A Venezuelan man has used the bulk of his bitcoin savings to pay the medical costs of his son’s birth. Many consider adequate healthcare a universal human right but only few in the inflation-ridden country can actually afford it.
José Rafael Peña, a materials engineer from Caracas, outlined the payment process which took a day to clear and gave his son the best possible start at a new life. It also bolstered the case of bitcoin as a superior medium of exchange than gold:
“But telling this story has made me realize how important Bitcoin has been in my own life. It has allowed me to fight Venezuela’s hyperinflation, to amass some savings, and to pay large sums of money in a matter of hours, without having to actually travel anywhere. Imagine what it would take to sell that quantity in gold, for example.”
Peña was able to send his wife to a private clinic in the capital thanks to a salary that was paid exclusively in bitcoin over the last two years.
The minimum wage in Venezuela is reported to be around $16 a month. That leaves mothers-to-be in serious financial trouble since decent clinics can cost upwards of $1,500.
Peña used LocalBitcoins to exchange his bitcoin into bolivars. At the last possible minute. The process was convoluted, mostly due to the red tape from Venezuelan banks.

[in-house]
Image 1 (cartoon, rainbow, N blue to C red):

It only took a day to clear, however, which Peña believes would likely be impossible with gold.
The gold versus bitcoin money debate has been heating up in recent years. The yellow metal has taken a back seat to bitcoin thanks to massive outperformance from the flagship cryptocurrency.
Gold pundit Peter Schiff continues to back gold as the alternative source of money even when locals in crisis-swept countries like Venezuela say otherwise:
That and a recently reported fake-branded gold bar crisis suggests that bitcoin’s superiority as a medium of exchange is firmly in place.
Well, the jury is still out on that one. Despite its unique features, Peña argues that bitcoin will not save Venezuela from its current crisis. In fact, locals overwhelmingly still prefer to price their goods and services in dollars.
Thanks to the persistent threat of cryptocurrency scams and the perceived strength of the greenback, Venezuelans are not yet ready to make the switch.
Dollars are not easy to come by mind you. Peña readily admits that getting a hold of bitcoin is easier, at least for him.
Bitcoin isn’t ready for mass adoption yet and it may not technically be a medium of exchange until service providers readily accept it. In the interim, however, it’s certainly faring a heck of a lot better than an asset which is as old as earth itself:
“I often see people on social media saying that Bitcoin has no real use besides market speculation… countries like Venezuela, where the economy is dysfunctional, showcase Bitcoin’s greatest potential. The story of my son’s birth is an illustration of that.”
Last modified: January 10, 2020 3:12 PM UTC